John Locke: biography of this British philosopher

Many consider John Locke to be the father of liberalism because he was a strong advocate of individual rights, equality between citizens and the separation of powers. According to him, the state and the laws that regulate it should be the result of an agreement between its citizens, not because its sovereign had so decided.

Considered one of the greatest representatives of English empiricism, his philosophy, his will to change the world and his struggle for the recognition of individual freedoms made Locke one of the greatest British thinkers.

We discover the interesting figure of this philosopher through a biography of John Locke, In which we will discover his life and his revolutionary way of thinking about an England upset by proclamations of bankrupt monarchies and republics.

    Brief biography of John Locke

    John locke was born August 29, 1632 in Wrington, England. As a child he studied at Christ Church in Oxford and after completing his studies he stayed here to teach Greek and rhetoric. The political context in England in his day was very turbulent, with tyrannical kings in power and a power struggle between intellectuals and established power that shaped Locke’s thinking.

    Given the political situation in his country it is not surprising that from his teenage years he was interested in public affairs. He was a versatile man who studied at the University of Oxford, where he obtained his doctorate in 1658. Although his specialty was medicine and he had connections with great scientists at the time, like Isaac Newton himself, John Locke, he was also a diplomat, theologian and economist.

    From conservatism to liberalism

    in 1662 he joined the Royal Society, an entity dedicated to the promotion of knowledge about nature. Thanks to this, Locke gained some fame in the academic context of his time, becoming one of the most important scientists of the time, especially when it came to nature experimentally. He made empiricism in the scientific field his trademark.

    In this way, Locke was gaining fame as one of the most important scientists of his time, especially in the experimental sciences. It was during this period that Locke began to change his political perspective, shifting from conservatism to more liberal and innovative policies.

    His approach to liberal ideas is due to his work as secretary to the Earl of Shaftesbury., Leader of the Whig Party. This party was an opponent of the monarchical absolutism in England of Charles II and James II. Although his thinking was initially conservative, Locke would come to believe strongly in the need for reform and in a supporter of parliamentary power.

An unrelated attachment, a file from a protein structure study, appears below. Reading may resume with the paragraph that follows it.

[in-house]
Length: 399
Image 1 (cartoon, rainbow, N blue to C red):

Exile and last years

      His new and revolutionary views, although supported by many intellectuals and a people increasingly annoyed by genuine abuses, have been severely persecuted. That is why would eventually take refuge in Holland between 1683 and 1689.

      Locke was one of the most fervent supporters of the Glorious Revolution, with which William of Orange succeeded in reaching the throne of England by overthrowing James II. Thus, with this triumphant revolution, England became a parliamentary monarchy and established itself as a liberal regime, the first in Europe.

      Back home, John Locke was recognized as one of the most important intellectual figures of the new British political system. It is from this period that he begins to devote himself fully to his philosophical activity, Publication of works such as Letter on Tolerance (1689), Two Treatises on Government (1690) and Essay on Human Intellect (1690).

      He died shortly after publishing his great works, on October 28, 1704 at the age of 72 at Oates Castle, near Essex, where he spent the last years of his life.

      His political thought

      The figure of John Locke has left a deep imprint on Western political and economic thought, especially in the Anglo-Saxon world. In his works, this philosopher he becomes an ardent defender of individual freedoms and religious tolerance. It is in his book Deux tests sur le Gouvernement civil of 1690 in which he feels the basic principles of liberal constitutionalism, postulating that every man is born endowed with natural rights that the state has the mission to protect. These rights are life, liberty and property.

      Based on the thought of Thomas Hobbes, Locke he relied on the idea that the state was born from an original social contract, Rejecting the traditional doctrine that power comes from divine will and that the king holds it as messenger of God. However, he differs from Hobbes in arguing that this pact did not lead to absolute monarchy, but was revocable and could only lead to limited government.